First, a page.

The nation of Greece has managed to reduce the number of fatal road accidents by 45 percent between 2010 and 2018, according to the latest figures published recently by the European Transport Safety Council.
This puts the country in first place among all 28 nations of the European Union.
The latest figures also show that the vast majority of road accidents in Greece now take place inside urban areas, debunking the myth that most road accidents in Greece happen along the country’s provincial, rural roads.
Despite the impressive reduction in the number of fatal incidents, Greece’s rate of fatal road accidents still remains very high. There were 64 deaths per million inhabitants during the year 2018, while the average rate across the EU is 49 fatalities per million citizens.
The European Union has set a target to reduce fatal road accidents by half by the end of 2020.
However it appears that the Union as a whole will not be able to achieve this goal, with only Greece, with a 45 per cent reduction, Lithuania, showing a 43 percent reduction, and Portugal, with a 35 percent reduction, anywhere close to the target.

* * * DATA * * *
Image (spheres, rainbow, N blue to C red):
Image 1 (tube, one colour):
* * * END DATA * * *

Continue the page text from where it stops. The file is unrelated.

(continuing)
Across the EU, there has been an average reduction of just 21 percent overall in road fatalities in the past year.
In terms of demographics, the group of people involved in most accidents in Greece are those in the 55-or-older age bracket, who are closely followed by those in the 18-25 year-old age group.
One of the reasons behind Greece’s surprisingly high reduction in road fatalities seems to be primarily that the financial crisis reduced the amount of time people spend driving, as well as the total number of trips made.
In addition, recent improvements to Greece’s highways and roads have resulted in motorists enjoying much more modern and safe travel across the nation during the last decade.
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